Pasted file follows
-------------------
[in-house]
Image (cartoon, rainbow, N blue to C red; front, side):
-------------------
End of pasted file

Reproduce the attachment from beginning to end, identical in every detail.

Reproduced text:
[in-house]
Image (cartoon, rainbow, N blue to C red; front, side):